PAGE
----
Ann Hepatobiliary Pancreat Surg.  2020 Nov;24(4):533-538. 10.14701/ahbps.2020.24.4.533.

Portal bifurcation reconstruction using own hepatic vein grafts due to portal vein anomaly of the living donor for the patient with portal vein thrombosis

  • 1Department of Surgery, Iwate Medical University Hospital, Yahaba, Japan


A 57-year-old Japanese female was considered for living donor liver transplantation (LDLT) due to end-stage liver cirrhosis caused by primary biliary cholangitis with portal vein thrombosis (PVT) formation. A 26-year-old daughter of the patient was selected as a living donor; however, a computed tomography examination revealed trifurcated-type portal vein anomaly (PVA). Preoperative liver volumetry showed that the right lobe graft was necessary for the recipient; therefore, reconstruction of the portal vein bifurcation during LDLT was necessary. We planned to extract the recipient’s own hepatic vein grafts after total hepatectomy, and these would be attached with anterior and posterior portal branches as jump grafts. We performed laparoscopic donor hepatectomy as usual, and the recipient’s hepatic vein grafts were anastomosed on the bench. Then, the liver graft was inserted, and the hepatic vein reconstruction was routinely performed. We confirmed the alignment between the recipient’s portal vein and the bridged hepatic vein graft of the liver graft’s posterior branch, and anastomosed these two vessels. Moreover, we confirmed the front flow and expansion of the reconstructed posterior branch by declamping only the suprapancreatic side of the portal vein. The decision regarding the punch-out location was crucial. We confirmed the alignment between the reconstructed posterior branch and the bridged hepatic vein graft of the anterior branch, and anastomosed these two vessels employing the punched-out technique. In LDLT, liver transplant surgeons occasionally encounter living donors with PVA or recipients with PVT. Our contrivance may be useful when the liver graft needs reconstruction of portal vein bifurcation.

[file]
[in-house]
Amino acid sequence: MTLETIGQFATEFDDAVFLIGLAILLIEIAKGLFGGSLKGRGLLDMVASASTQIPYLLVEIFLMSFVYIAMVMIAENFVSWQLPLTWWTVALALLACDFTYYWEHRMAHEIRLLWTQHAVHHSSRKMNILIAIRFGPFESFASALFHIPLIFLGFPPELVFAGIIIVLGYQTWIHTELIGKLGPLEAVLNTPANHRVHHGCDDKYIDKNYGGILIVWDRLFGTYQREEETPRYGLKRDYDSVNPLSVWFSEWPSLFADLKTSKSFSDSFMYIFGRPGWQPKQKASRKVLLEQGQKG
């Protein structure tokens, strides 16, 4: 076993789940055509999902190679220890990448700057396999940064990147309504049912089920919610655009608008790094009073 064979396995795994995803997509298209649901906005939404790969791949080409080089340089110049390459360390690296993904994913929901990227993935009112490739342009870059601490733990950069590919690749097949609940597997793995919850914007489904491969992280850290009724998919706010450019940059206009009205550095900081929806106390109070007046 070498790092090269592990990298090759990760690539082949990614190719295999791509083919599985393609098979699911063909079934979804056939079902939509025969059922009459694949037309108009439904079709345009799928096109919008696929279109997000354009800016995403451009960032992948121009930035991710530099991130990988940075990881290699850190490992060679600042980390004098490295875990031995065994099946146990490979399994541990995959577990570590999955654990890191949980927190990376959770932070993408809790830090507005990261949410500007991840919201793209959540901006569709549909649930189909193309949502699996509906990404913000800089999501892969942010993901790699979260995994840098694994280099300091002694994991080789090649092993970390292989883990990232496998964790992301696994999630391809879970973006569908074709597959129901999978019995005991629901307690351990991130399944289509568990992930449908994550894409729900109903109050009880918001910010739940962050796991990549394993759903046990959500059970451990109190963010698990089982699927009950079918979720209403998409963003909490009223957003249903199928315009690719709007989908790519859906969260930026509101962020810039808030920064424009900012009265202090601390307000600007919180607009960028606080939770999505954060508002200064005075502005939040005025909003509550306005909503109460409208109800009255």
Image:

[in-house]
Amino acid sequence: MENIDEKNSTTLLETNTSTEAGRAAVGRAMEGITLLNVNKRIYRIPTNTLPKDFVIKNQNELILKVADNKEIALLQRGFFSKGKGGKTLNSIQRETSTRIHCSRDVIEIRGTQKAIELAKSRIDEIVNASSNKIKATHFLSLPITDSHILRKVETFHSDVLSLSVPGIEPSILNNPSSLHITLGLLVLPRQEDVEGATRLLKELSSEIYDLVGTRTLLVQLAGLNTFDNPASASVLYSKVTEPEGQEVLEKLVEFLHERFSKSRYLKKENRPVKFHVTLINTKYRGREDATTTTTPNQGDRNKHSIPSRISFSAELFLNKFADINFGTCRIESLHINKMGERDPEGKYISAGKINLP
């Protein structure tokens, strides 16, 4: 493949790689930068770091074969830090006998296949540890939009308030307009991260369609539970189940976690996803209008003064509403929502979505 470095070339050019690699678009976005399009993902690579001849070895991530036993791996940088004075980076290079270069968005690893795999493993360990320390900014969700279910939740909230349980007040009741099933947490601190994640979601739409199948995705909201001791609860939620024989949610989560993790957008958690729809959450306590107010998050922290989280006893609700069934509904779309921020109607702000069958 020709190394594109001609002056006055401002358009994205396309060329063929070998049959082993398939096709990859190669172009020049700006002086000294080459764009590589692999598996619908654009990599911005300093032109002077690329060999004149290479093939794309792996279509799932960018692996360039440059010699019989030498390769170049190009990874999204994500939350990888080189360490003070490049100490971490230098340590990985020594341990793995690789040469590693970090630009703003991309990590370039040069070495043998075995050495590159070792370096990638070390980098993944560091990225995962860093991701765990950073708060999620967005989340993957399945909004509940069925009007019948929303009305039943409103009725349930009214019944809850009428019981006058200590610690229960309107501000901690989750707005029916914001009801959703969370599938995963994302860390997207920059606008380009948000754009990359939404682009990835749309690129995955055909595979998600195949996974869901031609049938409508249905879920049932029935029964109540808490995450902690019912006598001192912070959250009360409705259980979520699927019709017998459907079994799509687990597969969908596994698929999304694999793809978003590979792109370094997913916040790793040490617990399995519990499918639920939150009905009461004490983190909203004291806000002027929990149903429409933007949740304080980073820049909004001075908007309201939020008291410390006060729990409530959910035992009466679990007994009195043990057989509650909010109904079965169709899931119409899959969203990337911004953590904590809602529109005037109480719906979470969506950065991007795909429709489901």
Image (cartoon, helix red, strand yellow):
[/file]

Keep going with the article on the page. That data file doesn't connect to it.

Living donor liver transplantation; Portal vein thrombosis; Portal vein anomaly; Portal vein bifurcation; Interposition graft
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